So the 1980's roll on. Machines get deeper pipelines and better forwarding, until the machines usually initiate a new instruction every clock cycle.

Eventually, even one cycle per instruction is not fast enough.

So as the 1990's arrived, designers began adding "wide" superscalar execution. They added different "execution units", so more instructions can execute at the same time. For example, 1994's PowerPC 601 could issue one integer, one floating-point, and one load/store instruction every clock cycle.

But there's a problem with superscalar processors. Say you've got a loop that consists of four integer instructions, then four load/store instructions. Since there's only one integer unit, the first 4 clock cycles are spent executing the integer instructions. The first load/store can start at the same time as the last integer instruction, but then the load/store unit becomes the bottleneck and the loop takes an additional 3 clock cycles, for a total of 7 clocks.

But if your four integer and load/store instructions were interleaved, the loop could take just 4 clock cycles to execute, because both units would always be busy. So for a few years in the early 1990's, the *order* you wrote your code could make a huge difference in performance.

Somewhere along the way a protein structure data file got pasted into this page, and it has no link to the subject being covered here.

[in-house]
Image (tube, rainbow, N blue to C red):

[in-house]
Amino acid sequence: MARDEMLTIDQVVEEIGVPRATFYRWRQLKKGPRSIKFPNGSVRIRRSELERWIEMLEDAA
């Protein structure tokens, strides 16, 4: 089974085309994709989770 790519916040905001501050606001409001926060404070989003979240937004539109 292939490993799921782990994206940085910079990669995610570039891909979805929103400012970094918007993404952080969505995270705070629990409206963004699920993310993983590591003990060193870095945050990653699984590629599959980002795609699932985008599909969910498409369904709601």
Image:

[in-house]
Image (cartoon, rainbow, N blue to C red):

But then hardware designers realized that they *don't* have to execute the instructions in the exact order specified by software; any equivalent order that computes the same result will work just as well. Hence by the mid-1990's "out-of-order execution" CPUs became dominant; until today the CPU might look several dozen instructions ahead to determine which instructions it can safely begin.

But you can reduce most of the "fake" dependencies (WAR and WAW) using register renaming (i.e., Tomasulo's Algorithm).

There are several interesting transformations you can use to expose and reduce dependencies, such as Software Pipelining. A naive application of these is unlikely to provide much benefit, since the compiler and CPU can do naive transformations already; but often you can exploit features of the algorithm to improve performance.

unsigned int prod=1, n=12;This takes 25ns per call on the NetRun 2.8GHz Pentium 4. Naive loop unrolling produces zero performance gain; basically the CPU is already doing this much:

for (unsigned int i=1;i<=n;i++) {

prod*=i;

}

return prod;

unsigned int prod=1, n=12;But if I now use my knowledge that integer multiplication is associative to fully separate even and odd terms:

for (unsigned int i=1;i<=n;i+=2) {

prod*=i;

prod*=(i+1);

}

return prod;

unsigned int prodA=1, prodB=1, n=12;This version has fewer true dependencies, and hence executes dramatically faster--in 18ns instead of 25ns!

for (unsigned int i=1;i<=n;i+=2) {

prodA*=i;

prodB*=(i+1);

}

return prodA*prodB;